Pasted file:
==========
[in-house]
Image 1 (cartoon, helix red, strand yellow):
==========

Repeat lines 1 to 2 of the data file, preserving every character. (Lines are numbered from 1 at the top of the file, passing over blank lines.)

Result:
[in-house]
Image 1 (cartoon, helix red, strand yellow):